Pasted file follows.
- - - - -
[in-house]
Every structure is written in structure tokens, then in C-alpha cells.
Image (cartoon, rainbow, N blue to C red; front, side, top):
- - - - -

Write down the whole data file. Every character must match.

[in-house]
Every structure is written in structure tokens, then in C-alpha cells.
Image (cartoon, rainbow, N blue to C red; front, side, top):